As executive director of the Georgia Asylum and Immigration Network, New England Law | Boston alumna Monica Modi Khant ’98 uses her immigration law background to fight for social justice for some of the most vulnerable populations. Specifically, she trains and mentors pro bono attorneys who represent asylum seekers and immigrant victims of violence. Keep reading to learn how law school led her down this challenging and rewarding path.
Related: Everything You Need to Know About Becoming an Immigration Lawyer
When you started law school, were you planning to work in immigration law?
I went to law school for social justice reasons—I wanted to fight for a cause that I believed in. But I didn’t plan to practice immigration law. In fact, I tried to avoid it because of my own immigrant background. I was born and raised in the United States, but my parents are from India, and they were kind of pushing me to do immigration work, and I resisted it. But at New England Law, I found my voice.
My first job out of law school was with a nonprofit that worked with immigrants who were seeking asylum, who were held in detention centers. That first job really showed me that this is what I am meant to do. Since then I’ve always practiced immigration law, working for vulnerable immigrant populations, and I’ve become even more passionate about it, twenty years later.
Tell me about the work you do at GAIN.
Our mission is to provide free legal services to immigrant victims of crime and persecution. We help those who are seeking asylum, fleeing persecution in their home countries, and also those who have had crimes committed against them, such as domestic violence, sexual assault, and human trafficking.
We screen cases, and we train and mentor volunteer attorneys from the big firms in Atlanta to represent cases pro bono. We have 200 volunteers, and every year we represent about 500 clients.
At GAIN, we are also trying to change the narrative of immigration here in Atlanta. The more attorneys we have working with our clients, the better they understand what our clients go through in order to seek safety, justice, and freedom.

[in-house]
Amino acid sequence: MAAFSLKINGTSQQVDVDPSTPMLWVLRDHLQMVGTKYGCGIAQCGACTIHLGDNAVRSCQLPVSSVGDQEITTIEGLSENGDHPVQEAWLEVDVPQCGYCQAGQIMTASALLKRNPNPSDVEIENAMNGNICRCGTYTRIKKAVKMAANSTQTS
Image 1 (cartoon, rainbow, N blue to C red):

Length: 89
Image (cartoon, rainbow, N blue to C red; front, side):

Is there a case that was especially satisfying or important to you?
One of our cases involved a transgender woman from Mexico who was trafficked to the United States, and then later held in a detention center in a remote part of Georgia. She tried to fight for asylum, saying that if she returned to Mexico, being transgender was going to put her at risk of persecution—and no one had protected her in Mexico when she asked for protection.
She represented her case pro se for two years, without appropriate translation, without an attorney, in immigration court, in a legal system that she did not understand, and she lost. We then requested a big law firm in Atlanta—Kilpatrick Townsend and Stockton—to be involved. After three appeals the firm finally did win her case, and she was granted asylum. Now she’s an advocate for transgender immigrants, trying to change the system that caused her so much grief and turmoil.
How has your work changed in recent years?
Policies keep changing without much notice. Immigration is already a complex area of law, and when you have these frequent shifts, it’s very difficult to advise clients about what the outcome could be. We have to be constantly on our toes. What really hurts me too is that some clients who are victims of crimes do not feel comfortable coming forward, because of fear of deportation.
But there has been one positive change: more people who might not have felt compelled to say anything a couple years ago are now speaking up for immigrants and in support of what we do. And that has been very energizing for us and has shone a light on our clients.
Learn more about what it takes to fight for social justice by becoming an immigration lawyer. You can also learn more about Monica Modi Khant's work in her recent TIME magazine profile.